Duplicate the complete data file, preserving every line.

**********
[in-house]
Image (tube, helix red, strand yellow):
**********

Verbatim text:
[in-house]
Image (tube, helix red, strand yellow):